It’s a small hiccup though, and one that pretty much disappears by the time you’ve reached Ranked matches. Plus there’s something to be said for a player who really understands an Operator, who chooses two or three characters to focus on instead of bouncing around.
And I think what I like most about Rainbow Six Siege is the community. This surprised me, because typically games of this sort—where even one tiny mistake means a loss—are plagued with toxic behavior and people who could use a decent anger management therapist.
Rainbow Six Siege has been wonderful though. I wish more people actually used the microphones the game says they’ve hooked up, but those who do have been uniformly friendly and supportive. My favorite moment so far has been a teammate who won us a round by slamming his shield into an opponent. We all sat and quietly watched the replay, when suddenly a deep Texan drawl came over my headset. “Sometimes you just gotta lay the beat down on ‘em,” he said. I laughed.
Unfortunately it’s an incredible core let down by some nefarious technical issues that can lead to what appear to be “cheap” deaths.
There were a lot of rumors going around Reddit at launch that the game’s servers were slow to draw information from the client, creating situations where people were shot when they thought they were already behind cover, shot before they saw their enemy, et cetera. The most common estimation was that Ubisoft was using a tickrate of 10, meaning the game updated itself from the server ten times per second. So far as I know, this has been disproven—but not by much. The official rate is apparently 30Hz, which is still pretty damn low for a competitive game. Typically, games of this sort aim for at least 50, (Counter-Strike uses 64 in matchmaking, 128 in tournaments).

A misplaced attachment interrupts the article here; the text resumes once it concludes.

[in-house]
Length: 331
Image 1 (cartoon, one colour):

There’s another possibility, which is that the game’s hit registration and lag compensation need to be fine-tuned. Lag compensation is how multiplayer games determine you’ve hit someone, even if there’s a half-second delay between your two computers. Too much leeway and you’ll get the same “He shot me even though I was around the corner” problems.
Whatever the root of the cause, it’s frustrating—especially in a game with no respawning, where every death can mean the difference between win or loss. Not every encounter comes down to split-second timing, but I’d say it happens at least once per match in Siege.
It sounds like Ubisoft has heard the complaints and is working to up the tickrate, but at the moment you’ll need to be prepared for umpteen “unfair” deaths. Though on the other hand, it’s a convenient excuse if you’re actually terrible at the game—just yell “Damn it, Ubisoft and your low tickrate” and I’m sure all your teammates will forgive you.
Rainbow Six Siege is, to me, an indicator that maybe we don’t always need new genres of games as much as we need to reexamine our approach to old ones.
It’s not that anything Siege does is particularly new—tactical play (Counter-Strike, Arma, et cetera) mixed with a bit of destruction physics (Battlefield, Red Faction). But by taking these two aspects and expanding them to a scope supported by current hardware, Ubisoft has created a compelling game that feels unique.
The usual multiplayer-only caveats apply—“Will the community shrink and disappear in a month or two”—but for my part I intend to enjoy Rainbow Six Siege while it lasts.